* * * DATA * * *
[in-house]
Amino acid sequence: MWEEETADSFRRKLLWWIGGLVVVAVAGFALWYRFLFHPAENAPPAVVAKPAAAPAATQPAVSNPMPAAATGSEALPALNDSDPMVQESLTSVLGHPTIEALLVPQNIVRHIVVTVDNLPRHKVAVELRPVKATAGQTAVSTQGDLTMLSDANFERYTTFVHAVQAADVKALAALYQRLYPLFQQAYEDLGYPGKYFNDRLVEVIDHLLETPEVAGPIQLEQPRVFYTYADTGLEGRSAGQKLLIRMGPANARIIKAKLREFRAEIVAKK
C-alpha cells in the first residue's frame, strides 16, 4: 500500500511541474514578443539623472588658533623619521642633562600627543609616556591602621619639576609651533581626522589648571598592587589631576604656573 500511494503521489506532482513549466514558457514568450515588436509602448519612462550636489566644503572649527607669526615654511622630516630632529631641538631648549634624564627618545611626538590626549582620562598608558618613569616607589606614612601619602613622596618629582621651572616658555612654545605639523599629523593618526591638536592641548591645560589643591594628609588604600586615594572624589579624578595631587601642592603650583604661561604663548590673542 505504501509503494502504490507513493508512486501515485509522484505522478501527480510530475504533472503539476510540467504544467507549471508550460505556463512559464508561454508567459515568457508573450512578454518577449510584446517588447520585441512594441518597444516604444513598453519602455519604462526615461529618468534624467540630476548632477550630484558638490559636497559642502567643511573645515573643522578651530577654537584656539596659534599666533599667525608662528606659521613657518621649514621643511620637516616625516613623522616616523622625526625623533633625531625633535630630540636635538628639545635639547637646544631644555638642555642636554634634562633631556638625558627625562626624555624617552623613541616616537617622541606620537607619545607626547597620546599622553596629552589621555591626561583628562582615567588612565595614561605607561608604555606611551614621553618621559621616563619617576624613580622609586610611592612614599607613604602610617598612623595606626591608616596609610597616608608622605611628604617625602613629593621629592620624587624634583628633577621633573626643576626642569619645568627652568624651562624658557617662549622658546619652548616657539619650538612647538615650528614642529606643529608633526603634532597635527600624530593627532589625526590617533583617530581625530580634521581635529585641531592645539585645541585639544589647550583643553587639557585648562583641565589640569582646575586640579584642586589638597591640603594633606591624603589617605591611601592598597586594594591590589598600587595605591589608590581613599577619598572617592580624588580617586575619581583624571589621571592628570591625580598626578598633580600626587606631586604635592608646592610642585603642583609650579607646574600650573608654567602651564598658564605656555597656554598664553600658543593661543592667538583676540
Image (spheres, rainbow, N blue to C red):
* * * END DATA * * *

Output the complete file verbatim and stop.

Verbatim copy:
[in-house]
Amino acid sequence: MWEEETADSFRRKLLWWIGGLVVVAVAGFALWYRFLFHPAENAPPAVVAKPAAAPAATQPAVSNPMPAAATGSEALPALNDSDPMVQESLTSVLGHPTIEALLVPQNIVRHIVVTVDNLPRHKVAVELRPVKATAGQTAVSTQGDLTMLSDANFERYTTFVHAVQAADVKALAALYQRLYPLFQQAYEDLGYPGKYFNDRLVEVIDHLLETPEVAGPIQLEQPRVFYTYADTGLEGRSAGQKLLIRMGPANARIIKAKLREFRAEIVAKK
C-alpha cells in the first residue's frame, strides 16, 4: 500500500511541474514578443539623472588658533623619521642633562600627543609616556591602621619639576609651533581626522589648571598592587589631576604656573 500511494503521489506532482513549466514558457514568450515588436509602448519612462550636489566644503572649527607669526615654511622630516630632529631641538631648549634624564627618545611626538590626549582620562598608558618613569616607589606614612601619602613622596618629582621651572616658555612654545605639523599629523593618526591638536592641548591645560589643591594628609588604600586615594572624589579624578595631587601642592603650583604661561604663548590673542 505504501509503494502504490507513493508512486501515485509522484505522478501527480510530475504533472503539476510540467504544467507549471508550460505556463512559464508561454508567459515568457508573450512578454518577449510584446517588447520585441512594441518597444516604444513598453519602455519604462526615461529618468534624467540630476548632477550630484558638490559636497559642502567643511573645515573643522578651530577654537584656539596659534599666533599667525608662528606659521613657518621649514621643511620637516616625516613623522616616523622625526625623533633625531625633535630630540636635538628639545635639547637646544631644555638642555642636554634634562633631556638625558627625562626624555624617552623613541616616537617622541606620537607619545607626547597620546599622553596629552589621555591626561583628562582615567588612565595614561605607561608604555606611551614621553618621559621616563619617576624613580622609586610611592612614599607613604602610617598612623595606626591608616596609610597616608608622605611628604617625602613629593621629592620624587624634583628633577621633573626643576626642569619645568627652568624651562624658557617662549622658546619652548616657539619650538612647538615650528614642529606643529608633526603634532597635527600624530593627532589625526590617533583617530581625530580634521581635529585641531592645539585645541585639544589647550583643553587639557585648562583641565589640569582646575586640579584642586589638597591640603594633606591624603589617605591611601592598597586594594591590589598600587595605591589608590581613599577619598572617592580624588580617586575619581583624571589621571592628570591625580598626578598633580600626587606631586604635592608646592610642585603642583609650579607646574600650573608654567602651564598658564605656555597656554598664553600658543593661543592667538583676540
Image (spheres, rainbow, N blue to C red):